Climate Leadership Plan

Alberta’s plan to take action on climate change and protect the province’s health, environment and economy.

Overview

The Climate Leadership Plan is a made-in-Alberta strategy designed to diversify our economy, create jobs and reduce greenhouse gas emissions that cause climate change.

Canadian provinces and territories without emission reduction plans in place will have a federal carbon price imposed by January 1, 2019. We're acting today, before the federal government acts for us.

Key aspects of our plan include:

  • putting a price on greenhouse gas emissions
  • ending pollution from coal-generated electricity by 2030
  • developing more renewable energy
  • capping oil sands emissions to 100 megatonnes per year
  • reducing methane emissions by 45% by 2025

Progress report and implementation plan

Our plan is designed for Alberta's economy, and it's working. We're seeing success in reducing emissions, investments in innovation, energy efficiency and renewables, and good jobs that are putting Albertans back to work.

The Climate Leadership Plan Implementation Plan 2018-19 presents our planned actions and programming activities for this year and beyond.

The Climate Leadership Plan Progress Report 2016-17 provides an update on the actions taken and the progress made towards achieving our goals.

Carbon levy and rebates

To encourage Albertans to reduce carbon pollution from their homes and cars, a carbon levy is charged on heating and transportation fuels that emit greenhouse gas emissions when burned.

Revenue generated from the levy will pay for initiatives that support reducing emissions and transitioning to a diversified and lower carbon economy, including:

  • rebates for Albertans to offset cost increases
  • renewable energy projects and electricity transition supports
  • industrial and consumer energy efficiency programs
  • indigenous climate leadership initiatives
  • transit and infrastructure projects

Ending coal pollution

Alberta produces more coal pollution than all other Canadian provinces combined. These emissions contribute to poor air quality and have been linked to a number of health conditions.

Under federal regulations, coal-fired electricity generation will be phased out by 2030. Moving to cleaner sources of energy will protect our environment and our health.

Developing renewable energy

By 2030, one-third of Alberta’s coal generating capacity will be replaced by renewable energy; two-thirds will be replaced by natural gas.

New programs will help Albertans become more energy efficient and allow them to generate more of their own electricity.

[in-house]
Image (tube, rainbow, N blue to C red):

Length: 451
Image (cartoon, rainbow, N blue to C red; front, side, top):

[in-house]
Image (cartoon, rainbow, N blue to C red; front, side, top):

Bill 10: An Act to Enable Clean Energy Improvements was introduced on April 12 to allow municipalities to establish a Property Assessed Clean Energy (PACE) program that would help private property owners make energy efficiency and renewable energy upgrades without having to put money down.

Capping oil sands emissions

Alberta has implemented a $30/tonne carbon price for oil sands facilities to drive towards reduced emissions. A legislated maximum emissions limit of 100Mt in any year, with provisions for cogeneration and new upgrading capacity, will help drive technological progress.

Reducing methane emissions

The climate change impact of methane is significant — 25 times greater than carbon dioxide over a 100-year period. ​In Alberta, the oil and gas industry is the largest source of methane emissions.

Economic impact

The Climate Leadership Plan is designed for Alberta’s economy. The benefits are expected to outweigh the costs of carbon pricing.

Improved market access, a reduced risk of federal policies being imposed on Alberta and an investment in economic diversification all support Alberta businesses.

News

  • Sep 11, 2018

    Premier Rachel Notley and Energy Minister Margaret McCuaig-Boyd joined Nexen officials, First Nations enterprises and other local suppliers to highlight a $400-million investment by Nexen. Nexen is a wholly owned subsidiary of CNOOC Ltd.

  • Sep 10, 2018

    Little Red River Cree Nation has partnered with the Alberta government to install solar panel systems on two community buildings.

  • Sep 07, 2018

    Beaver First Nation has partnered with the Alberta government to install solar panel systems on a number of community buildings to help cut their power bills.

  • Aug 30, 2018

    Premier Rachel Notley delivered the following remarks today in a live address about the Federal Court of Appeal’s ruling on the Trans Mountain Pipeline expansion project:

  • Aug 28, 2018

    Respected oil and gas expert David Collyer is the new board chair of Emissions Reduction Alberta (ERA), effective Oct. 1, 2018.